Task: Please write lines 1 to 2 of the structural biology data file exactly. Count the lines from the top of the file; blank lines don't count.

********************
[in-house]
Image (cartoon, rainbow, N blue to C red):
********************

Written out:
[in-house]
Image (cartoon, rainbow, N blue to C red):